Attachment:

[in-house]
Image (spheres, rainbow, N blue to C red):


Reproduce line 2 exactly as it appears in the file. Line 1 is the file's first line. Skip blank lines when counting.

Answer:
Image (spheres, rainbow, N blue to C red):